The Markets (as of market close May 7, 2021)
Stocks opened generally higher last Monday, with only the Nasdaq (-0.5%) losing ground. The Dow closed up 0.7%, followed by the Global Dow (0.6%), the Russell 2000 (0.5%), and the S&P 500 (0.3%). Losses in consumer discretionary, communication services, real estate, and information technology were offset by gains in energy, materials, health care, industrials, consumer staples, and financials. Crude oil prices rose by more than 1.3%, pushing the price per barrel over $64.40. The dollar and Treasury yields slid.
Tech shares plunged lower last Tuesday, sending the Nasdaq (-1.9%) to its worst single-day performance since March. By the end of trading, only the Dow was able to avoid a losing session — and only barely as it inched up 0.1%. The Russell 2000 fell 1.3%, the S&P 500 dropped 0.7%, and the Global Dow declined 0.6%. Information technology lost 1.9%, consumer discretionary fell 1.2%, and communication services decreased 0.9%. Sectors posting positive returns were materials (1.0%), financials (0.7%), and industrials (0.4%). The yield on 10-year Treasuries declined for the second consecutive day, while the dollar and crude oil prices advanced.
Last Wednesday saw stocks close generally mixed, with the Global Dow (1.1%), the Dow (0.3%), and the S&P 500 (0.1%) posting moderate gains, while the Nasdaq (-0.4%) and the Russell 2000 (-0.3%) fell. Treasury yields continued to fall, as bond prices advanced. Crude oil prices and the dollar declined. Among the sectors, energy (3.3%), materials (1.3%), and financials (0.9%) held up the best, while utilities (-1.7%) and real estate (-1.5%) fell the furthest.
Tech shares rebounded last Thursday, helping to drive stocks higher. The Dow reached a record high, gaining 0.9% by the close of trading. The Global Dow advanced 1.0%, the S&P 500 climbed 0.8%, the Nasdaq gained 0.4%, while the Russell 2000 was unchanged from the previous day. Treasury yields, crude oil prices, and the dollar all declined. Each of the market sectors rose, led by financials, consumer staples, communication services, and information technology.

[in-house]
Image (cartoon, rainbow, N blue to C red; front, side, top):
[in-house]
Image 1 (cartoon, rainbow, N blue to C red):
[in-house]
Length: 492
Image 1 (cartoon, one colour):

Tech shares and cyclicals led the way last Friday, pushing stocks higher as both the Dow and S&P 500 reached new highs. The Russell 2000 added 1.4%, followed by the Global Dow, which advanced 1.2%, the Nasdaq climbed 0.9%, the S&P 500 gained 0.7%,and the Dow increased 0.7%. Treasury yields pushed higher for the first time in several
days, crude oil prices rose, while the dollar slid. Energy led the market sectors, with real
estate, industrials, materials, consumer discretionary, and information technology also
For the week, the markets may have been aided by strong first-quarter earnings reports
and declining unemployment claims. However, a lower-than-expected number of new
hires in April may lend credence to the Federal Reserve’s suggestion that the economy
is still far from full recovery and accommodative measures are still needed. While tech
shares rebounded at the end of last week, it wasn’t enough to keep the Nasdaq from
falling after closing 1.5% lower. However, the remaining benchmark indexes listed here
advanced, led by the Global Dow, followed by the Dow, the S&P 500, and the Russell
2000. The market sectors were also mixed for the week. Energy (8.9%), materials
(5.9%), financials (4.2%), industrials (3.4%), health care (2.3%), and consumer staples
(1.6%) advanced, while consumer discretionary (-1.2%), utilities (-1.1%), real estate (-
0.9%), and information technology (-0.5%) fell. Communication services closed the
week unchanged. The yield on 10-year Treasuries dipped, crude oil and gold prices
climbed, while the dollar fell.
The national average retail price for regular gasoline was $2.890 per gallon on May 3,
$0.018 per gallon more than the prior week’s price and $1.101 higher than a year ago.
U.S. crude oil refinery inputs averaged 15.2 million barrels per day during the week
ended April 30, which was 225,000 barrels per day more than the previous week’s
average. Refineries operated at 86.5% of their operable capacity last week. Gasoline
production decreased last week, averaging 9.1 million barrels per day. Click here for the entire article: Winthrop Partners Market and Economic Update 5-10-21
Thomas Saunders is the Managing Partner of Winthrop Partners. Prior to founding Winthrop Partners, Tom was Senior Vice President at what is now JP Morgan. His career includes senior and executive roles at Brown Brothers Harriman and First Niagara Bank, a top 25 Bank. Click here to contact Thomas Saunders about your investment and planning requirements.